The past fortnight saw most contracts fall, with the impact of oversupply and mild temperatures exacerbated by reduced demand over Christmas.
All gas contracts fell, with summer 20 gas reducing 11.0% from 33.7p/th to 30.0p/th. The oversupply of gas has persisted globally, alongside mild weather during the festive period reducing demand.
Brent crude oil (Figure 1) peaked at $68.6/bl rising 3.2% from £66.5/bl, with heightened geopolitical tensions following the US airstrike on Baghdad.
With temperatures forecast to remain above the seasonal average, gas and power prices are likely to remain suppressed.
Brent crude prices have seen much volatility, and this is expected to continue. Looking ahead, rising tensions are likely to be the key driver in prices, with the signing of the Phase One US-China Trade Agreement set to take place on 15 January.
Third party charges and industry updates:
On 12 December, National Grid ESO raised a proposal for a transmission demand residual reform, introducing changes to how Transmission Network Use of Systems (TNUoS) charges are recovered. Suppliers tariff rates for the Smart Export Guarantee have been published, with 13 suppliers obligated to offer a tariff, due to having greater than 150,000 customers. Fixed rate tariffs range from 5.6p/kWh to 0.001p/kWh.
Wholesale Power and Gas
Most seasonal power contracts fell over the past fortnight, with reductions seen in all contracts except for summer 21, which rose 0.2% from £43.7/MWh to £43.8/MWh. Summer 20 power saw the greatest decline, falling 6.5% from £42.2/MWh to £39.4/MWh.
Power prices followed gas with reductions in part due to the festive period, where demand is typically reduced. This occurred alongside sustained mild temperatures – remaining above seasonal average for the entire two-week period – acting to reduce demand further.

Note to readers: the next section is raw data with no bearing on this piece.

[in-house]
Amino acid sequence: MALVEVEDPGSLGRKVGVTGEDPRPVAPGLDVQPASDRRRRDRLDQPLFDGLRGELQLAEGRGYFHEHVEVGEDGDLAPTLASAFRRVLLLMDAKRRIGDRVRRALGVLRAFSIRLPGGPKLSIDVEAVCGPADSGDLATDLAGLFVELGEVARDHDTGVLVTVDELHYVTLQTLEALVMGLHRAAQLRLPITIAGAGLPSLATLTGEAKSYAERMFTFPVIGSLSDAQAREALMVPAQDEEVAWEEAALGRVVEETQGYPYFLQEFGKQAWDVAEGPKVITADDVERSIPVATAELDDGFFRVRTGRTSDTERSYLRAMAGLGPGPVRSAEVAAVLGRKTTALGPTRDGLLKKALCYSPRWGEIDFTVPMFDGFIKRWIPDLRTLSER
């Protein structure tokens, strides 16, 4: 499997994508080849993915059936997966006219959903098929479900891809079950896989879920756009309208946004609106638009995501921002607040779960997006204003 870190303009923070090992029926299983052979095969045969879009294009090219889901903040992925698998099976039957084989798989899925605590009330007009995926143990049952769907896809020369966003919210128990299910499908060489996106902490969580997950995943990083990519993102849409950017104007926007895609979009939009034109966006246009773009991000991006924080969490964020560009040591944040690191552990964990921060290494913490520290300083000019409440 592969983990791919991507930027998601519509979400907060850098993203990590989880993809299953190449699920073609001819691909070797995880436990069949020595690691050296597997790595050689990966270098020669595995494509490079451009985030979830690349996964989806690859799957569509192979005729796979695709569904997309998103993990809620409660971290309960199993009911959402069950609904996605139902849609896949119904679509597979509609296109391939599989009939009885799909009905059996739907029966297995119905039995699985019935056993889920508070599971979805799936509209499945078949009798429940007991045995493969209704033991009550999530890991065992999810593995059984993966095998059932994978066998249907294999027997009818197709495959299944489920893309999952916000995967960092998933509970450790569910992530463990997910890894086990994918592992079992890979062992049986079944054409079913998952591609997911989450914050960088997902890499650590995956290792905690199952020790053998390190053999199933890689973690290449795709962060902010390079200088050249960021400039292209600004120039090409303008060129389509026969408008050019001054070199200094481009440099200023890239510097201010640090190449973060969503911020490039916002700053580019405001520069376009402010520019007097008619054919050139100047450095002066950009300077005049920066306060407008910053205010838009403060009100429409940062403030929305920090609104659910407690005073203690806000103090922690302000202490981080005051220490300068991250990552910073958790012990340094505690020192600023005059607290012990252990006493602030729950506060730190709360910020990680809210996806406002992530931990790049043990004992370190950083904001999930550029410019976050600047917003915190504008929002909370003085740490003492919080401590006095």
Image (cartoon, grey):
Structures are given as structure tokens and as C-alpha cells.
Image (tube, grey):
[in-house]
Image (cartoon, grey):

Over the previous two weeks, all gas contracts declined. The summer 20 contract saw the largest reduction, falling 11.0%, from 33.7p/th to 30.0p/th, amid reduced demand and a global oversupply of gas, with LNG send-out reaching an 11-year high. Russia and Ukraine announced the signing of their new transit deal, providing further downward pressure to prices.
Third Party Charges and Industry Updates
Proposal raised on transmission demand residual reform
CMP332 Transmission Demand Residual Bandings and Allocation (TCR) was raised by National Grid ESO on Thursday 12 December. The urgent modification aims to introduce changes to how the residual element of demand Transmission Network Use of System charges is recovered, following Ofgem’s decision on the Targeted Charging Review. The change will ensure that residual charges are recovered from final demand only, introducing charging bands based on maximum import capacity or consumption for non-domestic sites. The total to be recovered from each non-domestic band should be directly proportional to the band’s consumption as a percentage of total national gross consumption.
Large variation in Smart Export Guarantee tariff rates
Energy suppliers have published their tariff rates under the Smart Export Guarantee (SEG), which came into effect on 1 January. Under the SEG, electricity suppliers that have more than 150,000 customers are required to offer at least one tariff for power exported to the grid from renewables generators smaller than 5MW. Obligated suppliers are required to offer tariffs with rates above 0p/kWh. The Solar Trade Association has published the initial tariffs and rates being offered by 13 obligated suppliers. Fixed rate SEG rates range from 5.6p/kWh (Social Energy) to 0.001p/kWh (Shell Energy). Bulb Energy and Octopus Energy are offering flexible SEGs that are pegged to half-hourly wholesale rates.